energy powerhouse
The African Development Bank (AfDB) hosted the fourth edition of the Africa CEO Forum whereby Africa's potential to become the next clean energy powerhouse was debated.

On Monday, energy industry experts gathered at the AfDB headquarters, in Abidjan, Côte d’Ivoire to discuss how the African continent can move forward in providing access to electricity and also hopefully become the next clean energy powerhouse.

Addressing the secondary plenary panel, Copperbelt Energy Corporation’s CEO Siyanga Malumo stated that the money is available to enable the continent towards that potential. “The money is there: so we need the policy, the enabling environment, and the right tariff structure,” he stressed.

“The backdrop to our discussion today is that 621 million Africans don’t have access to electricity, and that 600,000 of them a year die from the effects of using biomass for cooking. No matter which figures you read, it’s clear that we have a funding challenge – we need $40-50 billion a year to spend on energy infrastructure, and thus far we’re investing nearer $8 billion,” Adam Kendall, managing partner at McKinsey & Company noted.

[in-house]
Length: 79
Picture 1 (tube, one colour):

Challenges slowing Africa’s energy powerhouse ambition

Kendall further highlighted that Africa’s three energy areas are gas, hydro and solar energy. “Our collective challenges lie in getting the regulatory policy right, raising the financing resources, optimising the role and capacity of the energy utilities, securing rural electrification, and above all securing political will,” he added.

[quote]Meanwhile, Kevin Urama, an adviser to the president of the AfDB, explained the Bank-led initiative, dubbed the ‘New Deal on Energy for Africa’ seeks to ensure universal access to energy on the continent by 2025.

But Urama pointed out the challenges they are faced with in realising this goal: “Our twin challenges are ramping up energy access to ensure that we can deliver on our development goals, and finding the right mix of renewable and traditional sources of energy.”

Elizabeth Littlefield, President and CEO of the Overseas Private Investment Corporation (OPIC), said: “US businesses are waking up to the investment opportunities presented by renewable energy in Africa, and particularly West Africa. OPIC’s renewable energy portfolio has grown ten-fold in two years.”